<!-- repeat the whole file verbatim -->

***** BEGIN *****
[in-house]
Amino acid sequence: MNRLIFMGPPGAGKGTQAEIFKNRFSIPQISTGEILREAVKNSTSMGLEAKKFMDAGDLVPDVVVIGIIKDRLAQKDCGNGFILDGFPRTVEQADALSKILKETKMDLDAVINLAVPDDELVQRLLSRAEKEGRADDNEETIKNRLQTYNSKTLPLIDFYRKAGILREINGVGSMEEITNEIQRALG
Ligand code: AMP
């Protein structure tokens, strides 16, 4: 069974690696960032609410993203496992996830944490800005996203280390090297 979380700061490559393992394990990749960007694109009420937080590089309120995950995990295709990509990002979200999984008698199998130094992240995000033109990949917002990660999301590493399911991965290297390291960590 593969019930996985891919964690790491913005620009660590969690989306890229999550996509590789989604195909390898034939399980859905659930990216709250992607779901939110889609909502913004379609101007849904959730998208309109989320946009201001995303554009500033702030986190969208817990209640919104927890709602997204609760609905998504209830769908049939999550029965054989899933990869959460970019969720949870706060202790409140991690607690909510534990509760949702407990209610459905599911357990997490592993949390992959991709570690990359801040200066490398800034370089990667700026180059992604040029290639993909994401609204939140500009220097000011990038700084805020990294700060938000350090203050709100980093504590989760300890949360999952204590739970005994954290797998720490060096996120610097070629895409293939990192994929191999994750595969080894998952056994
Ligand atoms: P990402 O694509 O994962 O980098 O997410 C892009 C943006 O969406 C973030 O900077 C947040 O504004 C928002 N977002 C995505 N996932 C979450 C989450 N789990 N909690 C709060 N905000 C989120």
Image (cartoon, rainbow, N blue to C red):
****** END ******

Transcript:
[in-house]
Amino acid sequence: MNRLIFMGPPGAGKGTQAEIFKNRFSIPQISTGEILREAVKNSTSMGLEAKKFMDAGDLVPDVVVIGIIKDRLAQKDCGNGFILDGFPRTVEQADALSKILKETKMDLDAVINLAVPDDELVQRLLSRAEKEGRADDNEETIKNRLQTYNSKTLPLIDFYRKAGILREINGVGSMEEITNEIQRALG
Ligand code: AMP
């Protein structure tokens, strides 16, 4: 069974690696960032609410993203496992996830944490800005996203280390090297 979380700061490559393992394990990749960007694109009420937080590089309120995950995990295709990509990002979200999984008698199998130094992240995000033109990949917002990660999301590493399911991965290297390291960590 593969019930996985891919964690790491913005620009660590969690989306890229999550996509590789989604195909390898034939399980859905659930990216709250992607779901939110889609909502913004379609101007849904959730998208309109989320946009201001995303554009500033702030986190969208817990209640919104927890709602997204609760609905998504209830769908049939999550029965054989899933990869959460970019969720949870706060202790409140991690607690909510534990509760949702407990209610459905599911357990997490592993949390992959991709570690990359801040200066490398800034370089990667700026180059992604040029290639993909994401609204939140500009220097000011990038700084805020990294700060938000350090203050709100980093504590989760300890949360999952204590739970005994954290797998720490060096996120610097070629895409293939990192994929191999994750595969080894998952056994
Ligand atoms: P990402 O694509 O994962 O980098 O997410 C892009 C943006 O969406 C973030 O900077 C947040 O504004 C928002 N977002 C995505 N996932 C979450 C989450 N789990 N909690 C709060 N905000 C989120």
Image (cartoon, rainbow, N blue to C red):